Date on Master's Thesis/Doctoral Dissertation


Document Type

Doctoral Dissertation

Degree Name

Ph. D.



Committee Chair

Hall, Dennis R.

Author's Keywords

Language arts; Teacher education; Linguistics; Higher education


English language--Rhetoric--Study and teaching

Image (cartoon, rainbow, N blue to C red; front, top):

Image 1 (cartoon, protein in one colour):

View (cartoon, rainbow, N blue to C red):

Within the discipline of rhetoric and composition, the notion of coherence possesses the status of sine qua non, yet this notion has been treated unevenly or been taken for granted, much as the process of composing itself was taken for granted for the better part of this century. This practice has occurred for the following reasons: coherence is the "unmarked" condition of speech, and by transfer, also the "unmarked" condition of writing; the surface language of a composition has traditionally been the focus for solving any problems of coherence; and, collateral disciplines have not been sufficiently drawn upon in understanding the global nature of those elements which cohere a successful composition. The author posits that virtually all cohering elements fall within three global categories, linguistic, cognitive, or contextually salient, and, moreover, that these cohering elements occur on a continuum that extends from the explicit to the implicit. The linguistic category includes co-reference, repetition, anaphora, cataphora, and ellipsis. The cognitive category includes the given/new relationship, Gestalt, parallel distributed processing, and central cognitive processes. The contextually salient category includes warrants, register, central metaphors, sociological models, and epistemological frames. Such an approach redistributes the burden of our understanding coherence from the surface language of a composition to a tripartite focus, including not only surface language, but also elements beneath it and beyond it, thus providing a manageable framework for the analysis of coherence, commonly recognized as the most essential quality of any composition. The study concludes with implications this approach has for the teaching of composition and rhetoric in the college classroom.